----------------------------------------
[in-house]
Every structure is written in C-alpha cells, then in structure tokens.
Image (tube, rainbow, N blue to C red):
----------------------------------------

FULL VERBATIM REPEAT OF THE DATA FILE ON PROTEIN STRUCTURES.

[in-house]
Every structure is written in C-alpha cells, then in structure tokens.
Image (tube, rainbow, N blue to C red):